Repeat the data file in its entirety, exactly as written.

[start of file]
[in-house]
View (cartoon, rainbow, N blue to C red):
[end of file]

[in-house]
View (cartoon, rainbow, N blue to C red):